Greenwald is advocating not just an overreach, but an over-reach-around. Nothing new there, though.

mcg, I'm trying to follow your bons-mots of analysis, but you're all over the map:

"Those who said "Strongly favor" voted for Prop 8 66-34. Those who said "somewhat favor", "somewhat oppose", and "strongly oppose" voted against it 49-51, 41-59, and 26-74, respectively."

you quote Strongly favor as "for", but all others "against"; you did the same thing in the post above this one. Seems like those "somewhat favor/oppose" and "strongly oppose" were "for it" 51-49, 59-41 and 74-26 by what you wrote, which means those strongly favoring offshore drilling are less against gay marriage than those strongly opposed to offshore drilling. If that's supposed to be significant of something, pray tell.

A little consistency would make these posts easier to follow, assuming there is a point to the presentation of the data; as it is presented, the information is pretty useless. If that's what the crosstabbed poll you're cribbing from actually says, then it's to blame for rendering itself worthless.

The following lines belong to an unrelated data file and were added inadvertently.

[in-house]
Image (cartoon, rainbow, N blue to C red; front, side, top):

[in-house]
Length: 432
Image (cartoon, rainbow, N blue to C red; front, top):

veni vidi vici said...

"Then perhaps Michelle could hole up in her Fortress of Solitude and come up with a universal health care plan."

Only if the Fortress' room service serves lobster, of course!

Skeptical said...

I guess I am more interested in how Obama is going to spin his refusal to push this. He characterized the DOMA as repugnant, and now he won't do anything about it? Surely he also knows that he can't wake the sleeping lion on abortion — lots of folks were happy to leave that ideological beast alone to vote for Hope 'n' Change — but how is going to square dropping that hot potato with his insistence that he would push for the Freedom of Choice Act?

I see Clintonesque coming. I hope the Obamafolks are ready when it arrives.

Mixalhs said...

Chuck B.,

But legal maneuvering has been the ONLY way that any group has ever gained rights.

Put another way, if you put segregation to a vote right now, I'm sure it would win in a few states.

integrity said...

Absolutely not. Holy Christ, no.

The California judges(appointed republicans) did this intentionally to set up gay marriage as an issue in the election. It did not work how they hoped it would(help McCain in California).

The will of the people can't be overturned by judges or the people get angry. They did, and voted for the prop.